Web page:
Apolipoproteins combine with lipids to transport them throughout the bloodstream. Apolipoproteins provide structural integrity to lipoproteins and shield the water-repellent (hydrophobic) lipids at their center. Most lipoproteins are cholesterol- or triglyceride-rich and carry lipids through the body for uptake by cells.
Chylomicrons are the lipoprotein particles that carry dietary lipids from the digestive tract, via the bloodstream, to tissue – mainly the liver. In the liver, the body repackages these dietary lipids and combines them with apo B-100 to form triglyceride-rich VLDL. This combination is like a taxi full of passengers with apo B-100 as the taxi driver. In the bloodstream, the taxi moves from place to place, releasing one passenger at a time.
An enzyme called lipoprotein lipase (LPL) removes triglycerides from VLDL to produce intermediate-density lipoproteins (IDL) first and then LDL. Each VLDL particle contains one molecule of apo B-100, which is retained as VLDL loses triglycerides and shrinks to become the more cholesterol-rich LDL. Apo B-100 is recognized by receptors found on the surface of many of the body’s cells. These receptors promote the uptake of cholesterol into the cells.
The cholesterol that LDL and apo B-100 transport are vital for cell membrane integrity, sex hormone production, and steroid production. In excess, however, LDL can lead to fatty deposits (plaques) in artery walls and lead to hardening and scarring of the blood vessels. These fatty depositions narrow the vessels in a process termed atherosclerosis. The atherosclerotic process increases the risk of a heart attack.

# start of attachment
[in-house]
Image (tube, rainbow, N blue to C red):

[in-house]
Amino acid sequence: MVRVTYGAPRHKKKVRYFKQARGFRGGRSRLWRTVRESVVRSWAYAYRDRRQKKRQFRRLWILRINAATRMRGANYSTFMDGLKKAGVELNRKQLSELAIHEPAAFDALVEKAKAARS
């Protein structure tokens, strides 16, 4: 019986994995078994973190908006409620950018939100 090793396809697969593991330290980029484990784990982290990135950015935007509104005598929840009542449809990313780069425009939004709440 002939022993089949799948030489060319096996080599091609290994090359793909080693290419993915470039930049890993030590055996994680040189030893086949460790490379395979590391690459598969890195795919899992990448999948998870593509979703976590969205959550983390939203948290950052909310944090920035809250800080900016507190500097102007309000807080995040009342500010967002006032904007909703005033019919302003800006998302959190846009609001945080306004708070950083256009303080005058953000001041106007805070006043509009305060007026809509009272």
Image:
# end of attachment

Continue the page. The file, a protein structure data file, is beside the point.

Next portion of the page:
Apo B-100 levels tend to mirror LDL-C levels, a test routinely ordered as part of a lipid profile. Many experts think that apo B levels may eventually prove to be a better indicator of risk of cardiovascular disease (CVD) than LDL-C. Some recommend the measurement of apo B to help with risk prediction when a person has multiple risk factors. Other experts disagree; they feel that apo B is only a marginally better alternative and do not recommend its routine use. The clinical utility of apo B and that of other emerging cardiac risk markers such as apo A-I, Lp(a), and hs-CRP has yet to be fully established.
How is the test used?
The apolipoprotein B (apo B) test is used, along with other lipid tests, to help determine an individual’s risk of developing cardiovascular disease (CVD).
This test is not used as a general population screen but may be ordered if a person has a family history of heart disease and/or high cholesterol and triglycerides (hyperlipidemia). It may be performed, along with other tests, to help diagnose the cause of abnormal lipid levels, especially when someone has elevated triglyceride levels.
A healthcare practitioner may order both an apo A-I (associated with high-density lipoprotein (HDL), the “good” cholesterol) and an apo B to determine an apo B/apo A-I ratio. This ratio is sometimes used as an alternative to a total cholesterol/HDL ratio to evaluate the risk of developing CVD.
Apo B levels may be ordered to monitor the effectiveness of lipid treatment as an alternative to non-HDL-C (non-HDL-C is the total cholesterol concentration minus the amount of HDL).
In rare cases, an apo B test may be ordered to help diagnose a genetic problem that causes over-or under-production of apo B.